A constitutional court in Austria has overturned a planned amendment to tobacco laws that would have limited the sale of most electronic cigarettes to officially licensed tobacco shops, according to a Reuters story published by businessinsider.com.
Reuters reported that the government had proposed that sales of electronic cigarettes be limited to licensed tobacconists from October ‘to protect young people and for public health reasons’.
Retailers specializing in electronic cigarette objected because, under the amendment, they would have been allowed to sell only re-usable devices, but not the liquid to fill them or disposable products.
The court ruled on Monday however, that the proposed amendment was unconstitutional.
It said that the health arguments put forward were not solid enough to justify blocking the retailers’ right to trade freely.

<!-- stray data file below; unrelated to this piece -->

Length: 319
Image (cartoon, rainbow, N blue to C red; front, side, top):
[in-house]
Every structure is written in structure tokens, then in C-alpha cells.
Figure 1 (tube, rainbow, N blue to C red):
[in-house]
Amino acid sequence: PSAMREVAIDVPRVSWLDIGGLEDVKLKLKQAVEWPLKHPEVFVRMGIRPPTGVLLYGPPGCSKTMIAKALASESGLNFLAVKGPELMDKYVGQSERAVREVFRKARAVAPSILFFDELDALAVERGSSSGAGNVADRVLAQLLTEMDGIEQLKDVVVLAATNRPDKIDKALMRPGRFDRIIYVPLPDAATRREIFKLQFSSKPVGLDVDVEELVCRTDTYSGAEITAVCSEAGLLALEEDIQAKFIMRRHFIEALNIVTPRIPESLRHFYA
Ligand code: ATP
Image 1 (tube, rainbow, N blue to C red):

And it said that electronic cigarettes should not be treated in the same way as tobacco products were treated.
“We are relieved that we can carry on our business and don’t have to shut up shop,” said Thomas Baburek, head of the electronic cigarette association, VFFED, and owner of an electronic cigarette shop.
Austrian tobacconists responded by saying that electronic cigarettes should not be allowed to be sold in an uncontrolled manner, according to comments reported by the APA news agency.